Many proverbs urge us to heed sound advice, to seek wisdom, to accept correction.  Many promises are made to the one who is teachable and receptive.   In vs. 20 above, there is an orientation toward the future.  Various English translations differ as to whether the idea here is that instruction received now will result in your gaining wisdom in the future or gaining wisdom for the future.   The difference is minor, and, either way, there is a certain dynamic going on.   Time is a factor.

“Why do I need to learn this?” Teachers hear this question frequently. But children must learn information and skills for which they see no immediate or long-term purpose.  Parents and other educators impart what they know will be useful to the child in later years.  Children can whine and complain, but the failure to learn today’s lessons is likely to turn into regret in future years.  Growth is gradual, but God tells us to store up knowledge and wisdom for the time when we will need it.

Paul gives a defense of his ministry here.  He calls the Corinthian believers his “letter of recommendation” to any who might require proof of the authenticity of his apostleship. From that thought he launches into some paragraphs showing the superior glory of the ministry of the new covenant over the old.  Moses would veil his face after meeting with God to hide the fading glory, but in the new covenant our faces are unveiled and the glory grows stronger rather than weaker.  Again time is a factor.

Think about it

Perhaps you find your spiritual growth imperceptible, like watching an oak tree grow.  Seek wisdom today.  Be receptive to instruction, even when it seems irrelevant.  Praise God for sending His Spirit to write on our hearts His truth.  He is at work in you, believing friend, but the distance between one degree of glory and the next may not be immediately evident.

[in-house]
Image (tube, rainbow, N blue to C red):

The Sniffable Christian

Christians are called to shoulder a heavy responsibility, one that even the Apostle Paul found daunting. Did you know you emit a distinct fragrance?

Today’s Reading

Proverbs 17-18; Second Corinthians 2

Selected Verses

The crucible is for silver, and the furnace is for gold,
and the Lord tests hearts.  Proverbs 17:3

But thanks be to God, who in Christ always leads us in triumphal procession, and through us spreads the fragrance of the knowledge of him everywhere. For we are the aroma of Christ to God among those who are being saved and among those who are perishing,  to one a fragrance from death to death, to the other a fragrance from life to life. Who is sufficient for these things?   Second Corinthians 2:14-16

Reflections

One of the themes in Proverbs is the dichotomy between fools and wise people, between the faithful and the slothful, between those who receive instruction and those who are wise in their own eyes. While it is not always evident to the observer the true state of another person’s heart, God is able to test hearts and He does. Precious metal is purified by fire. The hearts of people are tested by God. So God’s judgment will never be unjust. He is a Judge who truly has all the information. [See Romans 2:15-16]